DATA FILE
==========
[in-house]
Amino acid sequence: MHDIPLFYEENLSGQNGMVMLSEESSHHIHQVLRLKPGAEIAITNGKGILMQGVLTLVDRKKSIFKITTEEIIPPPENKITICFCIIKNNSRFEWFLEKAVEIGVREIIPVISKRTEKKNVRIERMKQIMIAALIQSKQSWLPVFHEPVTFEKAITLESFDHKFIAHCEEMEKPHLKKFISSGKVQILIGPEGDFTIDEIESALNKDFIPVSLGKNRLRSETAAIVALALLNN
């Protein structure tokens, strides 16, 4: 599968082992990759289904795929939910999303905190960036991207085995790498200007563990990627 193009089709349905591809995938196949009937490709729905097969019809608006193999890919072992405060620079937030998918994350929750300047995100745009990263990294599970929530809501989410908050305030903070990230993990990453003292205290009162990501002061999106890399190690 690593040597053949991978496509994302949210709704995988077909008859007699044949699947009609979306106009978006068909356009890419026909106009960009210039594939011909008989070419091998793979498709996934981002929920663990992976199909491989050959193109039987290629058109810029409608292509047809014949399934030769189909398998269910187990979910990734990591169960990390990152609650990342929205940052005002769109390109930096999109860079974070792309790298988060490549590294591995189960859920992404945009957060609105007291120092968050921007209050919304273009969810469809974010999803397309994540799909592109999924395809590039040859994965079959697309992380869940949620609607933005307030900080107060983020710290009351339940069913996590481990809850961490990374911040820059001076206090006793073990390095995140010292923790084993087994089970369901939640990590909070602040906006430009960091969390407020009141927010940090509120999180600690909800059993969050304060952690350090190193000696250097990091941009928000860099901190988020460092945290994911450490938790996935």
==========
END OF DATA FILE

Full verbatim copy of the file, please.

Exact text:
[in-house]
Amino acid sequence: MHDIPLFYEENLSGQNGMVMLSEESSHHIHQVLRLKPGAEIAITNGKGILMQGVLTLVDRKKSIFKITTEEIIPPPENKITICFCIIKNNSRFEWFLEKAVEIGVREIIPVISKRTEKKNVRIERMKQIMIAALIQSKQSWLPVFHEPVTFEKAITLESFDHKFIAHCEEMEKPHLKKFISSGKVQILIGPEGDFTIDEIESALNKDFIPVSLGKNRLRSETAAIVALALLNN
């Protein structure tokens, strides 16, 4: 599968082992990759289904795929939910999303905190960036991207085995790498200007563990990627 193009089709349905591809995938196949009937490709729905097969019809608006193999890919072992405060620079937030998918994350929750300047995100745009990263990294599970929530809501989410908050305030903070990230993990990453003292205290009162990501002061999106890399190690 690593040597053949991978496509994302949210709704995988077909008859007699044949699947009609979306106009978006068909356009890419026909106009960009210039594939011909008989070419091998793979498709996934981002929920663990992976199909491989050959193109039987290629058109810029409608292509047809014949399934030769189909398998269910187990979910990734990591169960990390990152609650990342929205940052005002769109390109930096999109860079974070792309790298988060490549590294591995189960859920992404945009957060609105007291120092968050921007209050919304273009969810469809974010999803397309994540799909592109999924395809590039040859994965079959697309992380869940949620609607933005307030900080107060983020710290009351339940069913996590481990809850961490990374911040820059001076206090006793073990390095995140010292923790084993087994089970369901939640990590909070602040906006430009960091969390407020009141927010940090509120999180600690909800059993969050304060952690350090190193000696250097990091941009928000860099901190988020460092945290994911450490938790996935």